simple display software for pc's

Dan Jacobson danj at welchgate.welch.jhu.edu
Fri Dec 11 11:33:03 EST 1992

In article <1g8uljINNo1e at iskut.ucs.ubc.ca> logan at otter.biochem.ubc.ca (Logan Donaldson) writes:
>Greetings! I am looking for an inexpensive (shareware, even better) program
>that will display molecular models in wire-frame, ball'n'stick and space-
>filling representations for the ibm-pc. 
>Something like MacMolecule would be great!

There was a discussion about this last summer - there are pros and cons
to using a PC for this type of work - much depends on what you want to do (but
that's another discussion :-).

Eric Hugo of Wash U. St. Louis posted the follwoing summary about the responses
to his (similar) question.  This article was retrieved from Don Gilbert's Gopher
hole's search index of biosci articles (kudoes to Don).


Dan Jacobson

danj at welchgate.welch.jhu.edu


     Of the answers I received one set of programs was mentioned that is
available by anonymous ftp.  These are shareware programs written at the
University of Illinois and distributed by Dr. A.R Croft.  These
programs (pdViewer and PSAAM) are written in Visual Basic and run
under Windows 3.x.  I've just downloaded them and am in the process of
evaluating them.  The two programs can be obtained from
nemo.life.uiuc.edu ( in the pub/pdvwin and the pub/psaam
subdirectories by anonymous ftp.
     Thanks to all of the individuals that responded to my query, the
information was greatly appreciated.      Eric  ;-)


Tom Branham writes:

I do know of a commercial program called HyperChem from Autodesk
for which the educational price is $600, but they do have a full
free to researchers program (if you keep them updated on your work, etc.)
The program is not only a visual interface, but performs molecular
orbital calculations and molecular dynamics.  I have been very tempted
to take them up on the research program, but the one thing worrying me
is that it comes with a hardware key and I have serial ports that are not
well behaved.  If anyone else comes up with any other sugestions I
would appreciate hearing about them, as I am running Quanta at the lab,
on our SGI's, and then I am working with my own programs, lotus123 and
Mathcad at home on the pdb files, but can not view them at home, a minor
irritation.  I also purchase the programs on my own rather than with
lab moneys.  I like to feel that I do not "live off " the lab grants,
perhaps a sense of hubris I REally can not afford this month :)

                            ........Tom Branham
P. S. Dr. Pochapsky brought back the PDB and Atlas of sequences from
      the same meeting.  Wasn't that a Nice suprise.....?

Watson Ko writes:

Alchemy III will do the job you want, but it will be very slow if you try to
rotate(or whatever) since the program has to redraw the whole molecule.

What I did was just showing the active site of the specific enzyme(or
protein) and manipulated the molecule.

Watson Ko                                   v999r36x at ubvms.cc.buffalo.edu
Space, the final ... parking place!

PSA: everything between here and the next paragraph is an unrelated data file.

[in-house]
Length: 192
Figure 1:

Jim Cassatt writes:

I have been using a shareware version of PCMODEL.  Check previous
messages regarding availability.  Included are two sample files
for chymotrypsin and B-DNA obtained from the PDB.  They can be
viewed quite effectively with a 486, less so with a 386SX and
poorly with an 8088.  What I have not been able to find out is
whether a program to convert PDB format to PCMODEL format is
available.  The main difficulty is generating a connect table.

There are also two versions of PCMODET, one a shareware version
and the other distributed by Gilbert at Indiana.  His version
does not have a conversion program.  I awaiting a response from
the author of the shareware program.

Jim Cassatt

Dr. Ferenc Czegledy writes:

There are several ways that I know of to visualize PDB files in the MS-DOS
>>>1. Using pdViewer which one can obtained by anonymous ftp from
   >>>The package must be transferred using the binary protocol and runs
   >>>under Windows 3.1/3.0.

2. Using a package called Alchemy III (for Windows) which is available
   from Tripos Assoc. Inc. ,St. Louis, MO.  Phone: 314-647-1099.

3. Using Chem-X from Chemical Design Inc., 200 Route 17 South, Suite
   120, Mahwah, NJ 07430. phone: 201-529-3323. I have only seen the
   brochure for this package but it looks very impressive.  The only
   problem is that it is very expensive: ~ $ 2,500.00/year.  The
   software will self-destruct after 1 year but if you pay for an
   additional year the software is upgraded for you.

Anyway, good luck and tell me if you hear of any additional approaches to
visualization and modeling on the PC.
-- Ferenc Czegledy
   Dept. Of Cardiology
   Columbia University
   630 W 168th Street
   New York, NY 10032
email: ferenc at cucrd0.med.columbia.edu

Rhee Hwan-Seok writes concerning the program MOBY

The following is the snail-mail address of MOBY manufacturer.
In my address file they have no e-mail address known.
Heidelberger Platz 3
W-1000   Berlin 33
F.R.G  ( Germany )

Telex : 461723
Telefax : (06221)413982
They will send you a demo disk FREE of charge.
And the disk could be 3" or 5" on your request.

e-mail : hyunerho at krsnucc1.BITNET
  Eric R. Hugo, Postdoctoral Research Associate |eric at bcserv.wustl.edu
  Dept. of Biochemistry and Molecular Biophysics|                
  Washington University School of Medicine      |               
  Box 8231, St. Louis, MO 63110_________________| (314) 362-3342

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